What won't work is trying to generate steam this way. You can certainly capture the solar energy as low grade heat and it would work as a pool heater. To make steam requires a very efficient concentrator. You don't just need to boil the water, you need to superheat it. This requires temperatures of at least 1000 degrees F. It just won't happen with a water "lens", too many physical principles are against it. It absorbs the heat as low grade thermal energy, it doesn't focus properly and the shape will be wrong even if abberation wasn't a problem to name just a few.

                          There is a reason you have never seen such a solar collector making steam and I am afraid it isn't because it's a new idea. There are a number of patents relating to this idea and they have not been successfully exploited.
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                          • #14
                            BTW, I believe any glass front mirror, or glass protected assembly will also waste some infrared, you need to use something transparent to infrared, or use a front surface mirror and no guard/cover.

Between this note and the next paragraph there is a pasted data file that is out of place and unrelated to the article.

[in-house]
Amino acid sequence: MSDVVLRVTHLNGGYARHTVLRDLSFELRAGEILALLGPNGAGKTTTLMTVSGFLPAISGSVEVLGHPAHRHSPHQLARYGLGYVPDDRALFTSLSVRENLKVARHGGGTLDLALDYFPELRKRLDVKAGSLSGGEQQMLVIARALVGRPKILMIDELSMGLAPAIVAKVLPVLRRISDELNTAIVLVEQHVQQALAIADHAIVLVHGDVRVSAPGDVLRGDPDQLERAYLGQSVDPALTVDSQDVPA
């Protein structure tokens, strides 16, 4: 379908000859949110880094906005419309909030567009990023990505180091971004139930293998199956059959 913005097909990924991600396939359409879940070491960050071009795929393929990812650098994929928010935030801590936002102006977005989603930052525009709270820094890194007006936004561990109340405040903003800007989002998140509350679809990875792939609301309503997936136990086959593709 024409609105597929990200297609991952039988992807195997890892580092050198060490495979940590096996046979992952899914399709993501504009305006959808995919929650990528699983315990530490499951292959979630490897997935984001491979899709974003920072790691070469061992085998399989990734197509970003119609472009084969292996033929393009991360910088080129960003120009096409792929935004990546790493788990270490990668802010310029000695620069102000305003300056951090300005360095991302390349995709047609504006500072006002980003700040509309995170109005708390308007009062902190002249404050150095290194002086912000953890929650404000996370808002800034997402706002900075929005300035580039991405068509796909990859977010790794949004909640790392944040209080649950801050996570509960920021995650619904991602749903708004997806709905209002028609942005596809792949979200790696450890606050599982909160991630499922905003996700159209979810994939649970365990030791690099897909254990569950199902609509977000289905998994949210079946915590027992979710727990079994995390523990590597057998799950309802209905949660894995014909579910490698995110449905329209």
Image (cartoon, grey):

An absolutely trivial way to make a nearly perfect, cheap first surface concentrating mirror of high efficiency is to stretch aluminized mylar over a circular sealed frame. When a small vacuum is pulled in the frame the mylar assumes the perfect shape and as a bonus the focal length is adjustable. Reflectivity of good quality aluminized mylar is around 88% including the infrared spectrum and replacement is cheap and easy. I have thought of using my old 8' satellite dish this way to make a small solar boiler and all I need is a large bag of round tuits.
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                            • #15
                              Oh..............and lets not forget the fact that water weighs over 60 lbs per cubic foot. If it "did" work, might take a lot to do any productive good........

                              Will your "plastic" hold the weight (of say 100 gallons) and withstand the 212+ temp at the same time???

                              Me thinks that we need some new materials that might not yet be invented..........but then again.......maybe they are......???
                              RPease